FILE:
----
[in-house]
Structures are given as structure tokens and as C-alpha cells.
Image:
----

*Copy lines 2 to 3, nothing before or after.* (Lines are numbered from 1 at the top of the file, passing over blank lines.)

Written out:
Structures are given as structure tokens and as C-alpha cells.
Image: